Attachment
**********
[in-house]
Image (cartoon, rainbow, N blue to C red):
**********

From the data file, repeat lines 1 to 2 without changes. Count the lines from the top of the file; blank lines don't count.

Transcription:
[in-house]
Image (cartoon, rainbow, N blue to C red):